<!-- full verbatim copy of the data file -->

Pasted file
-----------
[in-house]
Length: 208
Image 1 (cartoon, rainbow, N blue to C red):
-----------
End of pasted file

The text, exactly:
[in-house]
Length: 208
Image 1 (cartoon, rainbow, N blue to C red):